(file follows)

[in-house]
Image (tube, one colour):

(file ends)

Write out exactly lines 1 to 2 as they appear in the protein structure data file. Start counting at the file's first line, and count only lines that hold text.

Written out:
[in-house]
Image (tube, one colour):